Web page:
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COVID-19 Resources and Recomendations Shared by Educators from our Global Community

And the school year is over . . . just . . . like . . . that.  Summer has typically been a period of rest, reflection, and renewal for schools.  This year, amidst the shifting American educational landscape caused by COVID-19, which has itself illuminated great disparities among people in our country, and a heightened awareness of institutional racism and the Black Lives Matter movement as a direct result George Floyd’s death, I find myself wanting to do more:  more reflection and renewal in the form of action – and wanting to do these things in the spirit of companionship and accompaniment for and with others.

Here are three questions I am considering:

  • How do I listen to others with a spirit of companionship, accompaniment, and reconciliation?
  • How do I continue to be a servant leader and companion to students, families, and faculty/staff?
  • Especially, how am I a companion and how do I accompany our African American students and their families by listening and working with them toward change?

As I consider these questions, my summer plans include seven foci.

Focus One: Faculty & Staff Rest, Reflection, & Renewal Grounded in Mission

Toward the end of the academic year, we created, planned, and implemented numerous faith formation opportunities that allowed adults at school finally to take a step back to rest, reflect, and begin to renew.  These opportunities ground us in the mission of our work of Jesuit secondary education and supposed that we take a position of companionship – that we accompany one another in continuing to create community.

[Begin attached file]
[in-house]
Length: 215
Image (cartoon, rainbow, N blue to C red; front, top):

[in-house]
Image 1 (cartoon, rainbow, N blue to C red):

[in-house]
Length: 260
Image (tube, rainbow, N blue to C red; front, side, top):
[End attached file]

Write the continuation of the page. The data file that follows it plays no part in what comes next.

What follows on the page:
We shifted our final on campus Ignatian Evening that would have included dinner, fellowship, and prayer, to an online opportunity for a few hours one evening at the end of May.  The topic of our final online Ignatian Evening to end the year was Spirituality at Home.  Twenty-seven faculty and staff participated in this optional (Zoom) night of sharing, reflection, and prayer where we reflected on the changing contexts of our lives and how this context has shaped our faith life and prayer.

How did we officially end a year after two months where faculty and staff were engaged in remote learning?  We did not meet in person to celebrate or reflect at the end of our year because of local physical distancing restrictions.  Instead, on what would have been the last day of classes, we planned an optional online (Zoom) Ignatian Examen for our adults.  Two volunteer teachers began the Examen by simply reflecting on their personal feelings of consolation and desolation about the year.  These reflections led us to a traditional communal Examen, whereby we found consolation in returning to a familiar Ignatian reflection tool that we use almost daily during our on campus school year.  Thirty-two faculty and staff participated in this opportunity of shared prayer and reflection.

In early June, we invited faculty and staff back to our campus – for a celebration on our football field, where we honored retiring teachers and those with varying lengths of years of service.  While we physically distanced ourselves and wore masks per safety guidelines, this gathering was a tremendous social opportunity for adults to return to school and to see one another, listen to one another, and just be present with one another – albeit from a distance.